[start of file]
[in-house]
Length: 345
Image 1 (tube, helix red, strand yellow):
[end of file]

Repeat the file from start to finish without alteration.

[in-house]
Length: 345
Image 1 (tube, helix red, strand yellow):